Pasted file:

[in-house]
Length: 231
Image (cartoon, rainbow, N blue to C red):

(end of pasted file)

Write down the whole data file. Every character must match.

[in-house]
Length: 231
Image (cartoon, rainbow, N blue to C red):